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Before you think of getting anything translated, you have to seriously think what you need to translate and why you want it translated. Generally, despite huge advances in automated or computer-generated translation technology it cannot be relied upon for anything other than amateur translation requirements.
Risks in Using a Free German English Translation
For example, say you want to visit somewhere in Germany, or another German-speaking country, and want some more details about accommodation, transport, health facilities etc.
There is nothing wrong in compiling your request in English then feeding it into a free English German translation tool (there are plenty available on the Internet!) than emailing the request to the individual or agency you want a response from. Nine times out of ten, you will probably get a response in English! Whether the standard of the English is any better than the German your free translation tool spewed out is another matter!
Maybe the person you sent the email to guessed that you were an English language speaker from the terrible German translation and automatically sent an email back using a German English translator. More likely their familiarity with basic English is much better than your familiarity with basic German. It doesn’t really matter as you will soon find out whether the meaning of the message you sent was understood and whether the response answered your questions adequately or not.
The bottom line is that if you want something for free when you need to translate something it is best to stick to short, not too important; messages that cannot easily be misunderstood when translated and be prepared to get a certain amount of misunderstanding anyway.
For just about anything that involves important communication across a language barrier, you should stick to using a professional translator. Yes, it will cost you or your business money, but generally, it will be money well spent.
There are many reasons why professional translation is important for legal, scientific, medical, business, literary and marketing translation. Did I leave anything out? Here are just a few reasons why you shouldn’t use free English / German translation tools for anything other than an individual, amateur uses.

1 Poor Translation could Lead to Ridicule

Your communication will appear amateurish to the very people you are trying to impress. For example, if you are marketing a new product for the first time in Europe, you will need to get professional translators and proofreaders to translate your marketing messages as well as any E.U. conformity information and manuals into German. If you don’t, you run the risk of having your product remain uncertified by the E.U. anyway or at least become the butt of jokes by native German speakers. 
Think about all those products you used to buy in the past that were manufactured in China or another big manufacturing country whose native language wasn’t English. It was common to have trouble reading the instructions. That is far less likely these days as those companies take the trouble to pay professional translators to have their product information translated correctly.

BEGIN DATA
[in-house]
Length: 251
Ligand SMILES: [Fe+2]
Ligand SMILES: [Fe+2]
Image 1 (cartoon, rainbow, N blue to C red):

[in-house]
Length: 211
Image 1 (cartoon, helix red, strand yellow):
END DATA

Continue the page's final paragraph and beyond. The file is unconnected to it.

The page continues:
2. Misunderstanding could Lose you Money or Business

Business communication across borders must be accurate. If left to a free translation tool, it will certainly seem to help the budget, but if it loses a contract or delays a business deal then the savings may be rapidly outweighed by the a much more significant loss in potential earnings.

3. Free Translation Tools could be Dangerous.

Medical, technical and scientific documents and text are very specific. They use specialised terminology. If a document is not translated accurately, preferably by a translator specialised in the field the document is in, it could lead to injury or even death.

4. Professional Translation is a must for all Legal Communication

You really cannot afford to play with accuracy if needing anything to be translated that is an important legal document. From wills to marriage, divorce and birth certificates, applications for patents and contracts, affidavits and court proceedings, these should all be translated by professional legal translators. Many of these translators have a good grounding in both the legal systems of the source and target languages.
In conclusion, you get what you pay for, as the old saying goes. Don’t bother with paying for a translator if your translation needs are not very important and you can afford to get a bit wrong or struggle with a response. For anything else that is too important to get wrong, pay a professional translator to do the job for you. Of course, you can still look around and choose a translator who is a good value for money as long as they have the skills.